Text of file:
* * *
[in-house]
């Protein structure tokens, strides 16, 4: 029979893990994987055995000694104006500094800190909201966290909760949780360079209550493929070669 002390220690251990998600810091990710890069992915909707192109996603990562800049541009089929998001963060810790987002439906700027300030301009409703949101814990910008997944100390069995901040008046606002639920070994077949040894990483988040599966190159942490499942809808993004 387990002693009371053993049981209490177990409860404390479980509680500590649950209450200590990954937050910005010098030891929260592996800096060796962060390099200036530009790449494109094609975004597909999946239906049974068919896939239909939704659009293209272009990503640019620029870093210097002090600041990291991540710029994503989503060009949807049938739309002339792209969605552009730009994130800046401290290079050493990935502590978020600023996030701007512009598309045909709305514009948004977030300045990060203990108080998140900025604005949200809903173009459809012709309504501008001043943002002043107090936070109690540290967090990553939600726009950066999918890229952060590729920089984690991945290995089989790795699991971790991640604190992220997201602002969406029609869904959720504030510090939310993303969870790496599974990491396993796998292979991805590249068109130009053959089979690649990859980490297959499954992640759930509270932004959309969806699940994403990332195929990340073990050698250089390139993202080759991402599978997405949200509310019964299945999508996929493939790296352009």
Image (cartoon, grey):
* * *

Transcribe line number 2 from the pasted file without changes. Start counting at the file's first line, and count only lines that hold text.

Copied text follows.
């Protein structure tokens, strides 16, 4: 029979893990994987055995000694104006500094800190909201966290909760949780360079209550493929070669 002390220690251990998600810091990710890069992915909707192109996603990562800049541009089929998001963060810790987002439906700027300030301009409703949101814990910008997944100390069995901040008046606002639920070994077949040894990483988040599966190159942490499942809808993004 387990002693009371053993049981209490177990409860404390479980509680500590649950209450200590990954937050910005010098030891929260592996800096060796962060390099200036530009790449494109094609975004597909999946239906049974068919896939239909939704659009293209272009990503640019620029870093210097002090600041990291991540710029994503989503060009949807049938739309002339792209969605552009730009994130800046401290290079050493990935502590978020600023996030701007512009598309045909709305514009948004977030300045990060203990108080998140900025604005949200809903173009459809012709309504501008001043943002002043107090936070109690540290967090990553939600726009950066999918890229952060590729920089984690991945290995089989790795699991971790991640604190992220997201602002969406029609869904959720504030510090939310993303969870790496599974990491396993796998292979991805590249068109130009053959089979690649990859980490297959499954992640759930509270932004959309969806699940994403990332195929990340073990050698250089390139993202080759991402599978997405949200509310019964299945999508996929493939790296352009």